As you may or may not have noticed, there’s a new book in the “Must Reads” sidebar. That’s because I bought Hugh Fearnley-Whittingstall’s River Cottage Meat Book, and I am obsessed.
I’d heard rumblings of the existence of this book from a variety of sources, and decided to take a look at it. I couldn’t immediately locate it on amazon (though it’s available now), and checked the UNC student stores on a whim. When I saw it on the shelf, I knew I had to have it immediately.
First and foremost, you really have to commend anyone who titles their book “The Meat Book,” and give it shelf presentation of a beautiful hunk of beef and “Meat” in big bold letters. And it’s not even an Atkinsian diet book!
The Meat Book looks like, and essentially is, a textbook about meat. It starts with a discussion of the morality of eating meat, and comes to the very sensible conclusion of “meat’s ok” (thank goodness, otherwise what would the other 530 pages be about?). He doesn’t, however, give the reader carte blanch to go out and eat any ol’ shrink-wrapped slab of bastardized animal flesh one finds on the grocery store shelves. Instead, he goes into a lengthy discussion about the exact conditions necessary for it to be morally excusable to eat meat, and most of those conditions are swept to the wayside by the commodity meat industry.
If the treatment of animals isn’t enough sway you, though, (and it hasn’t always been for me, to be fair), Hugh tells you the true delights of eating slow-grown, heritage animals fed appropriately and treated with respect. They range from gastronomic to nutritional, and each one is reason enough, on its own, to find a better meat source.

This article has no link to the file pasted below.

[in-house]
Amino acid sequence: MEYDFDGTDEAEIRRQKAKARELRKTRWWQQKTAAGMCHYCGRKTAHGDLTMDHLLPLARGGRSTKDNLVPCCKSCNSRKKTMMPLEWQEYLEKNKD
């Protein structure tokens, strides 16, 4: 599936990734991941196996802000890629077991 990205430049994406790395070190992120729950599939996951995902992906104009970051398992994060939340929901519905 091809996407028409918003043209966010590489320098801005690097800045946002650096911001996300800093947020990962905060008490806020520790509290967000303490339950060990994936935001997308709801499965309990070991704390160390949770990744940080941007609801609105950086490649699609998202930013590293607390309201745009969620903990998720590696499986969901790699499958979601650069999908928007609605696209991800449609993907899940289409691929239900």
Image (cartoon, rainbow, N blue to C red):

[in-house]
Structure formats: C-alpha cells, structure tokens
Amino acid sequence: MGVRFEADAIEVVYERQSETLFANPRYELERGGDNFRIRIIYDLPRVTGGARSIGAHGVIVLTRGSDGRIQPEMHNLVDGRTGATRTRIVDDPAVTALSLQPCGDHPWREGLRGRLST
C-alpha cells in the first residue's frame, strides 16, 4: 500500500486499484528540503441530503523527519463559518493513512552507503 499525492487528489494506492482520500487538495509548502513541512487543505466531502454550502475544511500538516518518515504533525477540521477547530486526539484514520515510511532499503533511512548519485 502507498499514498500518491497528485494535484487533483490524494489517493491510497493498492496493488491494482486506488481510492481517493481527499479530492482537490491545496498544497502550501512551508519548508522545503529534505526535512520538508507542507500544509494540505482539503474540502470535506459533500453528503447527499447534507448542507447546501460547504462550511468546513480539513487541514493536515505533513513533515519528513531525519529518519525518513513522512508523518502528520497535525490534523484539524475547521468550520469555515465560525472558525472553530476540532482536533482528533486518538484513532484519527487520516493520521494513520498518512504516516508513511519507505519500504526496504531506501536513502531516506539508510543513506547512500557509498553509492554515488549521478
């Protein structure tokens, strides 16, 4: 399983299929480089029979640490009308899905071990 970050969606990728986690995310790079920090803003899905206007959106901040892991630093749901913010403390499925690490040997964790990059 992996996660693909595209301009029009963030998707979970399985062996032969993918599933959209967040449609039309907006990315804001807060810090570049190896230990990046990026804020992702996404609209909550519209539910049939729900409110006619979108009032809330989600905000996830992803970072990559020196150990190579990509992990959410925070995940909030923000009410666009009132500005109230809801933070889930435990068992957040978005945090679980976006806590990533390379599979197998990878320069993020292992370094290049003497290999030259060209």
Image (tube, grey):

All that aside, the book sells itself on many other points. First is a step by step illustrated guide to buying good, quality meat. Every cut of every imaginable land animal is discussed in detail, from nose to tail. The last chapters (and good 3/5ths of the book) are dedicated to specific recipes to guarantee you never have a bad meat based meal again.
And that’s Hugh’s point, in the end. Meals including meat should always be relished, a cause for celebration. And good meat, prepared well, always is.
Also worth noting is the fantastic photography that permeates this book. Not always for the light-hearted, there are beautiful photos of finished dishes, cuts of meat, and whole animals. One of the first sequences is a set of photos from the slaughter of a cow. The pictures help to remind the reader that every piece of meat came from an animal, and that animal lived a life that was controlled largely by the price you’re willing to pay for it. It’s a reminder sorely lacking from the latest Tyson offerings.